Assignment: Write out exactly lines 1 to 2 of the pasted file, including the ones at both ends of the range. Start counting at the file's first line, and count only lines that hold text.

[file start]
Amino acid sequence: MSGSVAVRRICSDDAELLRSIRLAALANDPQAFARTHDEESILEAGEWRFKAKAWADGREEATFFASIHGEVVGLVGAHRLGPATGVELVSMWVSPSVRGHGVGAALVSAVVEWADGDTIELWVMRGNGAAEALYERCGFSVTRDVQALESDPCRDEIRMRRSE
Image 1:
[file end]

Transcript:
Amino acid sequence: MSGSVAVRRICSDDAELLRSIRLAALANDPQAFARTHDEESILEAGEWRFKAKAWADGREEATFFASIHGEVVGLVGAHRLGPATGVELVSMWVSPSVRGHGVGAALVSAVVEWADGDTIELWVMRGNGAAEALYERCGFSVTRDVQALESDPCRDEIRMRRSE
Image 1: